Sunday, December 29, 2002

The Romans, therefore, foreseeing evils while they were yet far off, always provided against them, and never suffered them to take their course for the sake of avoiding war; since they knew that war is not so to be avoided, but is only postponed to the advantage of the other side.

-- From Machiavelli's "The Prince"

According to this CNN report, North Korea has violated the agreement ending the Korean war by bringing light machine guns into the demilitarized zone. I believe our current course of trying to restrain North Korea by threats - or verbal statements and demands of any sort - is a failure. We must accept that they are either extremely desperate or extremely reckless. None of our alternatives for dealing with this situation is palatable.

One alterternative, which will understandably outrage many, is to give in, to subsidize the failed economy of the North Koreans in exchange for new verifiable protocols to prevent the development and sale of weapons of mass destruction. Of course their word is crap, we believe nothing not verified. Even so, this is outrageous. Can all the other nations developing such weapons get a similar deal? Should some not doing so start? The only glimmer of hope for this approach is that it worked with the Soviet Union. Through decades of grain sales they worked to spread communism, making only cosmetic concessions in exchange for aid. The leaders did not jeprodize their positions through war - nor through democratic reform. But somewhere during the process the pretense that the United States was the real enemy faltered. The only other thing to be said for this insane course of action is - look at the alternative.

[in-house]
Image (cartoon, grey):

The South Koreans have just elected a liberal government that wants to work more closely with the North. Do we tell them, "Sorry guys, we're pretty sure the North is preparing for war and giving them more time will only benefit them. Either you do this our way or we bring all our troops home so they don't suffer the consequences of a better prepared enemy?"

Some might actually like the latter course at first, but the most likely consequence is a second Korean war.

How about going on as we are now, trying to contain them? Assume for the moment they are rational in the same way Saddam seems to be - clever in a thuggish way at maintaining power at any price. If the aid we are giving them now is sufficient to keep them in power and prevent internal revolution, they probably won't start a war. Otherwise they almost certainly will.

I really would like to hear some better options here.

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